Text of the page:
Right now, people who use cannabis get it from the black market, outside of any Government control. This is not about creating a new market – it’s about putting controls around an existing one.
Despite cannabis being illegal, anyone can buy it easily. 590,000 New Zealanders used cannabis last year. Our current law is clearly not working.
We know that cannabis, like any drug, can do harm, especially if you use it when you’re young, use heavily or use high potency products. Because cannabis is illegal, we have no control over it right now. The purpose of the Cannabis Legalisation and Control Bill is to put those controls in place, from seed to sale. This will make it safer, and help New Zealanders to reduce harmful use over time.
If we pass the Cannabis Legalisation and Control Bill, Police will be freed up to focus on serious crime.
Each year, we spend almost $200 million and over 330,000 Police hours on cannabis enforcement and convictions. These are significant police resources which should be put to better use protecting us all from serious crimes.
This law change would also mean thousands fewer New Zealanders convicted each year - avoiding lifelong impacts on employment, study and travel.
We will all benefit from as much as $490M of new annual taxes from legalising and controlling cannabis.
Legalisation means the government takes control over the cannabis market, from seed to sale.
It also allows us to tax cannabis and use that income for health and education services for the benefit of all New Zealanders.
The evidence is clear that cannabis can be an effective medicine for a range of conditions, including epilepsy, chronic pain and nausea from some cancer treatments.
While medicinal cannabis is technically legal in New Zealand with a prescription, there are few products available and they are very expensive because they are not subsidised. Medicinal cannabis products are out of reach of most New Zealanders, even those who have a life threatening or debilitating condition.
Despite the medical scheme patients are still forced to source illicit products, even though they face the risk of conviction. Legal cannabis would mean easier access to a wider range of products, and would make prices more affordable. Patients will be able to access the medicine that works for them without fear of prosecution.
Read more about medicinal cannabis in New Zealand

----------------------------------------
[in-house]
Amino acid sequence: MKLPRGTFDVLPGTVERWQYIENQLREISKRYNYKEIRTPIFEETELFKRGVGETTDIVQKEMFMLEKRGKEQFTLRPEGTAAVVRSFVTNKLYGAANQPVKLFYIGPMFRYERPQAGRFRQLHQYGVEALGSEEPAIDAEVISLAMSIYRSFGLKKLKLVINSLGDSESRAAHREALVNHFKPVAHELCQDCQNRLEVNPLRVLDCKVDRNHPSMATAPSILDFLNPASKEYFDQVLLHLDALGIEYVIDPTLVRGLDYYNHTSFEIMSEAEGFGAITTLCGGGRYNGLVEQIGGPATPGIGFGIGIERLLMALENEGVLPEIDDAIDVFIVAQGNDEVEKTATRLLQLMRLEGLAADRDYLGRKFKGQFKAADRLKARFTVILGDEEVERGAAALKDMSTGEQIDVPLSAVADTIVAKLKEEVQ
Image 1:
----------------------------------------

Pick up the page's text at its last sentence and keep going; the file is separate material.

Legalising cannabis will mean improvements in health, justice and economic development for Māori.
Māori are targeted by Police more under our drug law and are 3 times more likely to get a cannabis conviction than non-Māori with the same level of cannabis use. Legalisation will mean fewer Māori coming into contact with the criminal justice system and fewer trapped in endless cycles of reconviction.
Legalisation will also improve health outcomes. Māori are twice as likely as non-Māori to suffer a substance use disorder, but they find it hardest to access health and treatment services. The Cannabis Legalisation and Control Bill puts money from cannabis taxes into health and prevention programmes that will benefit Māori.
Finally, the Bill aims to actively promote Māori access to the financial benefits that a new regulated market will bring. This will be especially important in the regions in which cannabis is a common crop. Legalisation will bring news jobs and income.
Read more about why this issue is important
The Cannabis Legalisation and Control Bill creates a set of rules to allow adults who choose to use cannabis to purchase cannabis products, with strong consumer protections. You cannot buy or use cannabis if you are under 20-years old.
This sends a very clear message that cannabis is for adults only.
Another way we can send that clear message to young people is through better drug education in schools, which will be funded with the tax on cannabis. Marketing and advertising will not be allowed – you won’t see the All Blacks sponsored by cannabis.
The Cannabis Legalisation and Control Bill has very tough punishments for those who sell or supply cannabis to young people.
23 July 2020
The Helen Clark Foundation and the New Zealand Drug Foundation are excited to host the Global Commission on Drug Policy for an event in supp...
07 July 2020
PM's Chief Science Adviser has made key findings supporting the view that legalisation is the best public health response to cannabis use.
05 July 2020
The final version of the draft Cannabis Control Bill was released in May. Dr Alana Oakly outlines how it addresses social equity.
11 November 2019
Some say cannabis law is a tool of race and class oppression. At the same time, many people with terminal illness or chronic pain have found...
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